Panasonic Viera TX-P42UT50
Panasonic’s entry-level plasma proves that you don’t need to spurge on a flagship model to get a high quality display. Built around a 3D ready Full HD panel (Active Shutter specs extra), it offers crisp detail and bold colours. That said, the set lacks the black filtering found at the top of the brand’s plasma line. It still goes dark with contrast quoted at 4,000,000:1.
You are limited to just two rear-panel HDMI inputs though, which could prove frustrating. Media playback from local USB is comprehensive and Panasonic’s on-line streaming portal, complete with BBC iPlayer and Netflix, is only ever a network connection away. Solid value.
Reg Rating 80%
More info Panasonic
Arguably the best built screen in our group, this son et lumière TV features the Spectra 2 iteration of Philips’ trademark Ambilight illumination, which casts a multicoloured halo around the screen. Picture quality is excellent, provided you dial down the sharpness and treat the brand’s HD Natural Motion processing with caution. Audio is also a cut above, the 2 x 14W output having both volume and body. 3D is of the cheap and cheerful Passive variety.
Without being over-loaded, Philips’ on-line IPTV portal is fine, where you’ll find BBC iPlayer, YouTube, DailyMotion and Acetrax. File playback is comprehensive (AVI, MKV, MP3, WMA etc) from USB and across a LAN. With USB timeshifting and integrated Wi-Fi thrown in, you’ve got a solid gold value proposition.
Reg Rating 85%
More info Philips
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Re: Price of energy
Sorry, but that's bollocks.
Let's say you've not bothered to shop around much and are paying a stupid rate for power like 15p per kw/h. Let's say you watch five hours of TV a day on average. Let's say you've got a 46" set like many of those on test.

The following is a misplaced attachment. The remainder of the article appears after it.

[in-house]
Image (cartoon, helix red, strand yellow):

Difference in annual energy bills between an ultra-efficient LCD tv pulling circa 100W and a guzzly plasma set pulling circa 200W? £28.
If your idea of "significant" is less than £30 a year then what are you doing spending nearly a grand on a telly?
wiggers the ST30 is last years model.
However it doesn't alter the fact the ST50 is probably the best TV you can buy for under a grand and Reg Hardware completely ignores it.
More details please
TV sets one important question.
What is the picture like?
I've avoid the Philips
We have a three year old Philips 37PFL.
Last weekend the power button went inside the casing
A phone call to Philips revealed that they had no interest in fixing it and, even if they did, they'd charge £120 for an uplift
having nothing to lose, we took the back off. the offending bit is a flimsy, springy plastic fork that retains the switch, causes it to bend and trigger a microswitch. It is not fit for purpose and I have to assume they think you will keep it on standby when not in use. Googling proved it to be a known design flaw
We switch the thing on, restraining the switch and put a through power switch on the power cord. That was £3
Lesson learned, don't buy Philips
I got 2 Panasonic plasmas recently :-)
Picked up a "dumb" 42" (720p) Panasonic Viera plasma for 399 quid and a "smart" 50" version (1080p) for 599 quid - John Lewis with 5 year guarantee and free Saturday delivery. Both stay in standby until I use them because you're talking around 300W each with the screen active (though both can have audio only at much lower power usage if you're listening to digital/Net radio). Both are sweet sets, though suffer from the glossy screen effect if it's a bright day.
I remain fairly unconvinced about "smart TVs" - you're better off getting a dumb one and sticking a 200 quid media centre PC (with a couple of Freeview HD or Freesat tuners), which will give you a lot more than whatever the manufacture thinks you deserve on the set's Net connection.
Mind you, Panasonic are offering Eurosport Player for free for a month on their smart TVs - now I wonder if that'll hold out until late July, so I can see their Olympics coverage in addition the BBC's? :-)